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U. Washington Hosts Panel Talking About ‘Indigenous Perspectives in Environmental Justice’

U. Washington Hosts Panel Talking About ‘Indigenous Perspectives in Environmental Justice’

“Westerners consider people and the environment as separate entities while the Indigenous do not”

Have you noticed that the left thinks everything becomes more serious when you attach the word ‘justice’ to it?

The College Fix reports:

U. Washington panel explores ‘Indigenous perspectives in environmental justice’

The University of Washington recently hosted a panel on how the Native American community perceives environmental justice.

The April 4 UW School of Social Work-sponsored event featured local and Canadian Indigenous scholars who “stressed the difference” between Indigenous and Western “settler society” relationships with the environment, The Daily reports.

UW’s Michelle Johnson-Jennings, who is “heavily involved in land-based healing,” said Westerners consider people and the environment as separate entities while the Indigenous do not. Of the latter view she said “Unless the water is clean and the air is clean and Mother Earth is healthy — we cannot be healthy.”

The University of Manitoba’s Michael Yellow Bird said Native Americans have “gratitude” for the land … they see it “as a gift.”

“Indiginous [sic] people have been here forever, for millennia, created a relationship with the land, but also created structures, created trails, earthen mounds, [all] destroyed by settler colonialism,” Yellow Bird (left) said. He added that Western society is “rights based” while the Indigenous consider responsibility as paramount.

United Indians of All Tribes Foundation Executive Director Mike Tulee invoked the climate by claiming there’s a “pressing need” for renewable energy. He said “Native lands” could support wind turbine and solar panel infrastructure.

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Comments

“Have you noticed that the left thinks everything becomes more serious when you attach the word ‘justice’ to it?”

Judges can punish for stuff. The left is all about the lawfare.

    Milhouse in reply to henrybowman. | April 11, 2022 at 11:27 pm

    Adding “justice” to something doesn’t make it a law. On the contrary, the legal system is notorious for being only about the law and not about justice. So that’s not it.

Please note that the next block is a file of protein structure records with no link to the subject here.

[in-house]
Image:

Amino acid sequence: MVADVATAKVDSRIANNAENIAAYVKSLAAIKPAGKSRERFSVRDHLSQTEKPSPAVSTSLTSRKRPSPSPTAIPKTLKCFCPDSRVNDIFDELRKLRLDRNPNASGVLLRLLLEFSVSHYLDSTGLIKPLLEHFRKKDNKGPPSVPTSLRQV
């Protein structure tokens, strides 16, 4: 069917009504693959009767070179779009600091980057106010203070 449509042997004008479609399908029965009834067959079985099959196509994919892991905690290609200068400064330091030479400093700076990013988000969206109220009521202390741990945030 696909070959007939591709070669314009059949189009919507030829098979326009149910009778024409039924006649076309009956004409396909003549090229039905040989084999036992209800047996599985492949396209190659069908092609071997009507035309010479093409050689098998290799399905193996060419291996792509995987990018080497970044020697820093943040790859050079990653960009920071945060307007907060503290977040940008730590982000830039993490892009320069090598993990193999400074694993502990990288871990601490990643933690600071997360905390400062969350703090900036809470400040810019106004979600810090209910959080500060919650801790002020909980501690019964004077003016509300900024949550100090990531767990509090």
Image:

The answer is that everyone knows justice is good, and has a natural yearning for it. So calling whatever it is you want a kind of “justice” makes a certain kind of person automatically support it, because how can you be against justice?

    My rule is that any “adjective justice” is unjust

      henrybowman in reply to Milhouse. | April 12, 2022 at 9:55 am

      Adding the word doesn’t make it a law. But it helps you make it a law later.
      Years of pretending there was such as thing as “illegal hate speech” resulted in actual laws against hate speech.
      Same for many “environmental crimes.”
      We just got out of a regime under which we were all “mandated” to wear masks by presidents, governors, and mayors, NONE of whom had any actual legal authority under any constitution to mandate that common citizens wear masks.
      Pretending something has legal force is prctically as good as giving it legal force.

        Milhouse in reply to henrybowman. | April 12, 2022 at 10:37 am

        Years of pretending there was such as thing as “illegal hate speech” resulted in actual laws against hate speech.

        I don’t think this is true. In the USA there aren’t any laws against “hate speech”. And in other countries no “years of pretending” were required in order to make such laws; they just made them and the public accepted them.

Since when were the self-proclaimed indigenous people environmentalists, historically? That’s self-serving claptrap for “how can we steal from whites”, non-Western people were happy to over-hunt, clear too much forest, and perform other environmental “sins”.

Besides everything else wrong with this, which would be wrong even if the premise had some historical validity, the whole premise is garbage. This history of “indigenous people” bears no resemblance to reality. It’s not something any actual indigenous people would have recognized.

Also, it’s too long to fisk line by line, but this one is too good to omit. It is impossible to have a relationship with the land, because the land is inanimate. Any such relationship can only exist in the mind of the human “partner”. It’s like purporting to marry someone who’s in a coma, or who is dead; you may think you two have this wonderful relationship, but your partner knows nothing about it.